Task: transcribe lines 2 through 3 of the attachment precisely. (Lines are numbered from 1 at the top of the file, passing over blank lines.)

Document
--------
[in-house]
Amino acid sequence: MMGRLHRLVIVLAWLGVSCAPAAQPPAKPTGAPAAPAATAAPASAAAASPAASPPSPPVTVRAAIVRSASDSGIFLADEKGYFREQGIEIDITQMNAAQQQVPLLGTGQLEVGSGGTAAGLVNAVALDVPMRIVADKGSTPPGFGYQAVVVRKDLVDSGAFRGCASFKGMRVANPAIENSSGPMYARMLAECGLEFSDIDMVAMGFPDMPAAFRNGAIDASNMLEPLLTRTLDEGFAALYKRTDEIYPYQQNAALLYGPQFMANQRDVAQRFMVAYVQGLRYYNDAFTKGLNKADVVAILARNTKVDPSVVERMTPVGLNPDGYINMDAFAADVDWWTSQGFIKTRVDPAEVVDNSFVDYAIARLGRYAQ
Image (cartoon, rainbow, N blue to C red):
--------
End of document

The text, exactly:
Amino acid sequence: MMGRLHRLVIVLAWLGVSCAPAAQPPAKPTGAPAAPAATAAPASAAAASPAASPPSPPVTVRAAIVRSASDSGIFLADEKGYFREQGIEIDITQMNAAQQQVPLLGTGQLEVGSGGTAAGLVNAVALDVPMRIVADKGSTPPGFGYQAVVVRKDLVDSGAFRGCASFKGMRVANPAIENSSGPMYARMLAECGLEFSDIDMVAMGFPDMPAAFRNGAIDASNMLEPLLTRTLDEGFAALYKRTDEIYPYQQNAALLYGPQFMANQRDVAQRFMVAYVQGLRYYNDAFTKGLNKADVVAILARNTKVDPSVVERMTPVGLNPDGYINMDAFAADVDWWTSQGFIKTRVDPAEVVDNSFVDYAIARLGRYAQ
Image (cartoon, rainbow, N blue to C red):